Almost back on our old stomping ground now. We spent the evening with Dayv and Debbie who are on their way South and introduced them to the camping raclette. Dayv and Jonathan worked together at the Department of Housing and Public Works in Brisbane and I think they had missed their ‘putting the world to rights’ conversations. Dayv has been one of our most dedicated blog readers so I think it’s fitting that he makes an appearance at the end of our travels.
Lovely to meet you both, safe travels and a Happy Christmas.
The ‘Landmarks’ exhibition is a tour of Australia which explores the characteristics of different towns and areas and how these places have been shaped by generations. It had much more meaning for us, having just completed our own tour and visited most of the places.
Unfortunately there was a heatwave predicted on the route across to the coast from Canberra for the next few days. It was too far to get to the coast in one drive and we stopped halfway at Richmond. The heat was tremendous and nearby Penrith reached 42 degrees. We collapsed in the van with the airconditioning on full blast.
By 9am the next morning, it was already unbearably hot again. Even driving in the van with the aircon on wasn’t keeping us cool. Winston was pleased to have a dip in the river at Bulahdelah en route and even more pleased to discover at the end of the day that we were at the beach at North Haven.
Jonathan’s eyes lit up when he saw the oyster beds but disastrously for him and the oyster farmers, there had been a sewage leak into the river and the farms wouldn’t be able to reopen until after Christmas.
If blog watchers are wondering why there’s been a bit of a gap since the last post, I’ve been recovering from a nasty bout of gastro and haven’t been able to do much. All those months travelling through the Outback and then I catch it not far from Melbourne. We found a scenic and relaxing spot by the river in Tumut to camp up (with nearby amenities) while I rested.
Jonathan thinks he didn’t catch it too because he sticks to wine for his fluids.
Our first visit to Geelong. The rain eventually stopped and we went for a walk along the Eastern Beach Reserve and through the Botanic Gardens where there are several bollards which have been turned into sculptures of people.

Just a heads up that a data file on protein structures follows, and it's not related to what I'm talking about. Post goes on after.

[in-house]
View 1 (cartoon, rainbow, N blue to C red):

I don’t think the Cockatoos at Lorne could read. The two lads left soon afterwards to finish their fish and chips somewhere else.
Just to say that we did drive all of the Great Ocean Road, we did the Eastern Section from Torquay to Apollo Bay.
Well I think we saw as much of Tassie as we possibly could have done in a month. From the spectacular scenery at the edge of the world in the west to the white sands of the Eastern beaches. From the North coast and its Little Penguins to the capital Hobart and the bays of the South. I will probably remember the Englishness of the towns and villages, the convict stories and the wildlife. Jonathan will probably remember the many happy hours he spent fly fishing in the lakes and rivers of the Central Highlands and seeing the Southern Lights. The Tasmanian locals were all very friendly and there seemed to be a lot of Queenslanders there.
Winston coped very well with the 9 hour crossing again although we couldn’t help worrying about him. We watched the movie ‘Kingsman The Golden Circle’ in the onboard cinema which was very entertaining, especially the Elton John scenes.
Victoria was being hit by a deluge but luckily Melbourne had escaped the worst of it. Even so it was an unpleasant drive in the rain from the Port to Geelong. We were soon warm again and settled down to watch the Rugby League World Cup.
We weren’t entirely sure whether to explore the western side of Tasmania on this trip. We couldn’t visit the big draw card of Cradle Mountain as it’s in a National Park; the roads are mostly narrow and winding and the best way to appreciate the rugged landscape is either on a cruise, a helicopter flight or a railway journey through the rainforest. We heard that if you wanted to see the edge of the world then you should visit the West Coast so that persuaded us.